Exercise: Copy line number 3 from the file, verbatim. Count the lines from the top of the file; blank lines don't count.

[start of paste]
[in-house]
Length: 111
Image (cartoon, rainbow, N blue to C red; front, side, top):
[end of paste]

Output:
Image (cartoon, rainbow, N blue to C red; front, side, top):